|The third excerpt represents the element of Water. It speaks of pure spiritual influences and feelings of love, and is drawn from The Art of War by Sun Tzu:
ahead or wheeling back, kneeling or standing, with perfect
accuracy and precision, not venturing to utter a sound. Then
Sun Tzu sent a messenger to the King saying: "Your soldiers,
Sire, are now properly drilled and disciplined, and ready for
your majesty's inspection. They can be put to any use that
their sovereign may desire; bid them go through fire and
water, and they will not disobey."
But the King replied: "Let our general cease drilling
and return to camp. As for us, We have no wish to come down
and inspect the troops."
Thereupon Sun Tzu said: "The King is only fond of
The Art of War
|The fourth excerpt represents the element of Earth. It speaks of physical influences and the impact of the unseen on the visible world, and is drawn from The Purse by Honore de Balzac:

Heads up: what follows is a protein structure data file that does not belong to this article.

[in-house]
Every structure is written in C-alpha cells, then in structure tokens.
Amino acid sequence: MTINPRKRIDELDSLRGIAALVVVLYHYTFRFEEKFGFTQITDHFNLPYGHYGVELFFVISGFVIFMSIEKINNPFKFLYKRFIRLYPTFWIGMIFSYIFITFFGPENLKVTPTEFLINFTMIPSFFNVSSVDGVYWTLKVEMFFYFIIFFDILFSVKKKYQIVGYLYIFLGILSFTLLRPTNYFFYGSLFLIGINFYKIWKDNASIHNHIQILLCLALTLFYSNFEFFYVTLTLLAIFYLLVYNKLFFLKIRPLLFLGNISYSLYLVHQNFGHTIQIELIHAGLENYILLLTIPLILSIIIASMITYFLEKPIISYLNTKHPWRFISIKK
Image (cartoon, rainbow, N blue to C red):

trimmed wick. Hippolyte, seeing the large mirror that decorated
the chimney-piece, immediately fixed his eyes on it to admire
Adelaide. Thus the girl's little stratagem only served to
embarrass them both.
While talking with Madame Leseigneur, for Hippolyte called her
so, on the chance of being right, he examined the room, but
unobtrusively and by stealth.
The Egyptian figures on the iron fire-dogs were scarcely visible,
the hearth was so heaped with cinders; two brands tried to meet
in front of a sham log of fire-brick, as carefully buried as a
miser's treasure could ever be. An old Aubusson carpet, very much